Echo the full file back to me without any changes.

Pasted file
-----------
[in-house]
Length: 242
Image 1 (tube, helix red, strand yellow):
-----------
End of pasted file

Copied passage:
[in-house]
Length: 242
Image 1 (tube, helix red, strand yellow):